I’ve written a lot about the fact that I’ve been sticking to genres where I know that things will turn out ok in the end, and at first glance this might seem like a bit of a turn away from that, but this is actually very low stakes and relaxing to read. Hester is a wonderful narrator – she’s witty and observant of others, but also a little bit dense when it comes to herself. She is utterly oblivious to the fact that Major Morley is mad about her – and that he and her friend’s son are fighting over her when she’s on holiday in Scotland. This is a tricky tightrope for the author to tread, because Tim isn’t always around much and by its nature, domestic life of a married couple is less glamorous and exciting than holiday-ing in Scotland and dashing around the countryside. But I thought that Hester’s obliviousness – and her devotion to Tim (earlier in the book she worries about what to do if he is sent to India and whether they could afford to send their daughter to boarding school so she can go too because she doesn’t want to be apart from him again) means that this section is amusing and charming rather than feeling like you’re working up to Hester leaving Tim or being left at home unhappy. 

I’ve read D E Stevenson before – she’s the author of the wonderful Miss Buncle’s Book and Anna and her Daughters which I have written about before – and this has a lot of the things I liked about both of those, but also seemed to me to fit in along with books like Diary of a Provincial Lady and Angela Thirkell’s Barsetshire books. It’s essentially a slice of life story from the interwar period, in the voice of a smart woman who is running a household (because that’s what you did when you got married in those days). There are three more books in the series, and I suspect I’ll be reading them at some point in the near future.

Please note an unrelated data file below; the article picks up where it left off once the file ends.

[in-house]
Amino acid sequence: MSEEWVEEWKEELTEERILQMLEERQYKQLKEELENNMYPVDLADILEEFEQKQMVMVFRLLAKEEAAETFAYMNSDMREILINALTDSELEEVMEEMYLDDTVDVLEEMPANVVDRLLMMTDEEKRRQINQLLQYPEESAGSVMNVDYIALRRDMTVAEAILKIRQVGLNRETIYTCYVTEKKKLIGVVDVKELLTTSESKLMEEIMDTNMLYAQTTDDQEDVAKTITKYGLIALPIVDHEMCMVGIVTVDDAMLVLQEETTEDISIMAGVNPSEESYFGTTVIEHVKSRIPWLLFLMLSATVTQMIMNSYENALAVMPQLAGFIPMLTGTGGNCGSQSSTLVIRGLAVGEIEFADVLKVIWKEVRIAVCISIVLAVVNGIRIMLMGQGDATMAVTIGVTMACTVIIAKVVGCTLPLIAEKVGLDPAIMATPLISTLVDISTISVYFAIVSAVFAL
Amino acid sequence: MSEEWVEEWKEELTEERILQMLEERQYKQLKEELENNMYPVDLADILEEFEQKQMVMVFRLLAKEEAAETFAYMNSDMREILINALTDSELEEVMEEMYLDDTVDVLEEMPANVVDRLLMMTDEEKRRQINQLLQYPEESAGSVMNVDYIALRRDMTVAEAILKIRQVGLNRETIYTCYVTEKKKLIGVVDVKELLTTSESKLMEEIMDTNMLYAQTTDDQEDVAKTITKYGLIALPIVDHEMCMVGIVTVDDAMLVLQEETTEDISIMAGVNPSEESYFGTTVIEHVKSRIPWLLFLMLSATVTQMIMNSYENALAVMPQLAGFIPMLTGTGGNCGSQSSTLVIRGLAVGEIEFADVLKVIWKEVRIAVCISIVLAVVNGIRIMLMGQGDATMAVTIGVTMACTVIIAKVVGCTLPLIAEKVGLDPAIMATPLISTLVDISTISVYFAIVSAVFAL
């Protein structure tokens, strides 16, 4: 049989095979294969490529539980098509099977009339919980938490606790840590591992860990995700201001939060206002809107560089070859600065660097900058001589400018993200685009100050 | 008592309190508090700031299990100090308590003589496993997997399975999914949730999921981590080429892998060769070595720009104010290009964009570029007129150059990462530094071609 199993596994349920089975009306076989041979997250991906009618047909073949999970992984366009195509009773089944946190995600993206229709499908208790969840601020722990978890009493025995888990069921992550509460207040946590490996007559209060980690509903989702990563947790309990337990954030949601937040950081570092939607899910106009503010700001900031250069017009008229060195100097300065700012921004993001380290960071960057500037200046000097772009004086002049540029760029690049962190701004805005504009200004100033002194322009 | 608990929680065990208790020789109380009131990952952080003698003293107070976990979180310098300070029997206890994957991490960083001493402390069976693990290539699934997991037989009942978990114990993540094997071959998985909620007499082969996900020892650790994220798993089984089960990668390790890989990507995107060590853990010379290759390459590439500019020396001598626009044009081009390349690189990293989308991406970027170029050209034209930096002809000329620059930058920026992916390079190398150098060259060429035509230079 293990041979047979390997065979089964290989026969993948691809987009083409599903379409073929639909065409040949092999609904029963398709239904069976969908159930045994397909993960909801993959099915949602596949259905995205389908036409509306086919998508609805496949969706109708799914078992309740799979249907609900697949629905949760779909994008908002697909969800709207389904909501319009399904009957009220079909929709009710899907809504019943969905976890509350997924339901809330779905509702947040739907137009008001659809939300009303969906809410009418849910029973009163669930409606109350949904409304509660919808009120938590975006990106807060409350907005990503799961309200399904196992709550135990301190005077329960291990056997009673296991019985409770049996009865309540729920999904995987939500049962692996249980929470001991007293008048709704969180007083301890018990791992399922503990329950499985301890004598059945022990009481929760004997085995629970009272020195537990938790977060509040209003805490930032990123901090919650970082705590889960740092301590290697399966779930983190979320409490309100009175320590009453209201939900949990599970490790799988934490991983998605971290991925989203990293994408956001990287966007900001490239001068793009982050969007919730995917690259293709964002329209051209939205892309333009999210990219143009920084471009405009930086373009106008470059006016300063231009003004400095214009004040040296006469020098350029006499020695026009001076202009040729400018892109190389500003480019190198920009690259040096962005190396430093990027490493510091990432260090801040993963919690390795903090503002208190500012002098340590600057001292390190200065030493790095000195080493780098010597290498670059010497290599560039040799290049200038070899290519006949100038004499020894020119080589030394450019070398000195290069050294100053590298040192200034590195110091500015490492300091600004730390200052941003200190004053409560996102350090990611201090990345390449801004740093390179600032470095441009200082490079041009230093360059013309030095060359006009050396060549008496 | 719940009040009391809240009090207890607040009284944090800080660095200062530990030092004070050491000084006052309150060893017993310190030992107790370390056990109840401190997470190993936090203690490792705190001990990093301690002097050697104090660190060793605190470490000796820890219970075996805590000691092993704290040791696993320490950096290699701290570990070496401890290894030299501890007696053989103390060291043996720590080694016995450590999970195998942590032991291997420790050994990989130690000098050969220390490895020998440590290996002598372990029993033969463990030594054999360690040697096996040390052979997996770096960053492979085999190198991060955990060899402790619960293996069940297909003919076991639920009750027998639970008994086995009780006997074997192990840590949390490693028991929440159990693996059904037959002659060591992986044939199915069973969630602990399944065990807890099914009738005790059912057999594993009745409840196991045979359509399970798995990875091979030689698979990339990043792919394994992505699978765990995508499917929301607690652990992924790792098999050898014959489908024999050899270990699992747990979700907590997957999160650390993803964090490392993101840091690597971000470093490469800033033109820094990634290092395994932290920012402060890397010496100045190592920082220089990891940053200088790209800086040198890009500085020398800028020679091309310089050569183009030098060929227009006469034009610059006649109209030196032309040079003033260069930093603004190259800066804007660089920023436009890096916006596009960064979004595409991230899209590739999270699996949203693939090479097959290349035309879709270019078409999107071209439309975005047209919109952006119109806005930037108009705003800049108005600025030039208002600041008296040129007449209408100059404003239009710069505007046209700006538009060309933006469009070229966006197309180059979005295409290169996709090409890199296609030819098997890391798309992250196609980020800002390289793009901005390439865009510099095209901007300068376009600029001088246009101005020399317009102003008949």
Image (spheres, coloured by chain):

My copy of Mrs Tim of the Regiment was a birthday present (thanks mum and dad!) and you should be able to get hold of the charming paperback edition I have from any sensible bookshop (like Foyles), but it’s also available on Kindle and Kobo.

Happy Reading!

book round-ups

Recommendsday: January 2021 mini reviews

In putting this post together, I realised that amidst the flood of end of year posts, I didn’t do a mini reviews for December. To be fair though, I think I had already written about pretty much everything I enjoyed. As previously discussed ad nauseam in the middle of January I had a severe case of loss of reading mojo that saw me retreat to the safety of old favourites. But before that there were a couple of books I read and wanted to mention to you.

The Hatmakers by Tamzin Merchant*

Cover of The Hatmakers

This is a delightful middle grade story about an alternative version of Britain where there are magical families of makers who each make one thing. Our heroine, Cordelia, is a hatmaker. But after her father goes missing at sea, she finds it hard to concentrate on the hat her family are meant to be making for the king. But soon she’s swept up in trying to foil a plot against her family – and the makers. I really enjoyed this. I think it would appeal to a lot of children – it’s a fast paced adventure with enough peril, but not too scary and a magical world with consistent rules that are easy to make sense off. NetGalley told me it was out in January – but Amazon tells me it’s actually out mid-February. Either way, I will buy for the middle graders in my life.